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More of the One Acre Farm

| 10/3/2016 12:52:00 PM

Jim Baker

My name is Jim, and I am battling stage 4 lung cancer. I am 69 years old and recently married. I live in an older home that needs a lot of work, yet my main goal is to get things in a place that will allow my one acre here to become a self-sustaining endeavor. It may create an income, but more importantly, it will allow those that do not have access to a garden plot to be able to come and grow healthy food, and even some flowers for their own personal use.

This means so much to me, since I have been actively involved in "getting back to the basics," in living a simpler — as well as a more self-sustaining — lifestyle. I have the land to make this happen; I just don't have the health or the strength to make my dream a reality. Consider an acre of land fully cultivated, fruit trees, berry bushes, year-round gardening endeavors, happy hens running around in the sunshine and laying healthy eggs. Top bar bee hives scattered about, a grape arbor or two. Consider families with children learning to garden and becoming just slightly self-sufficient. Not off the grid, just the ability to have some small amount of control over what fresh, healthy produce gets on their table at home.

I have had to surrender my own flock of hens due to health restrictions, and was fortunate enough to find a volunteer from the Cancer Center with a little over 35 acres who was able to take them all and divide them with her neighbor. She has let me know that the neighbor’s kids have already made some of them pets, and they pick them up and carry them around.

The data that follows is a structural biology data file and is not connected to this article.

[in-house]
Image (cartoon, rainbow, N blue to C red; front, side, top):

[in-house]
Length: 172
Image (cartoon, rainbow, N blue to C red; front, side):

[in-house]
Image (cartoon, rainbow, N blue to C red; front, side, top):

As for being thankful, if I can leave this for others to carry on with, it would mean the world to me. I have very little else to leave as my legacy on this earth other than my desire to help others as best I can. This would be an ongoing concept to help others for a very long time to come.

Anyone thinking about this — I have found here in North Carolina there is a "Community Garden" person with the County Extension office. There are seed banks and equipment resources through the United Way (who knew?), and the one that is really exciting to me is a program called WOOF (Workers on Organic Farms). Thank you, Jennifer! I have contacted them, yet still have to actually talk to someone. They do the match-people-to-dirt thing I have gone on about in the past.

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